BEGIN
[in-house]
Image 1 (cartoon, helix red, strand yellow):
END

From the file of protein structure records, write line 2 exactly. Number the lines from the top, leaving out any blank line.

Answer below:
Image 1 (cartoon, helix red, strand yellow):